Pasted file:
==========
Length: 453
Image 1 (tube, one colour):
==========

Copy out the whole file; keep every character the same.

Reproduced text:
Length: 453
Image 1 (tube, one colour):